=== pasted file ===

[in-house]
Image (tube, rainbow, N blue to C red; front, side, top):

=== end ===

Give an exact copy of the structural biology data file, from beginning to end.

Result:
[in-house]
Image (tube, rainbow, N blue to C red; front, side, top):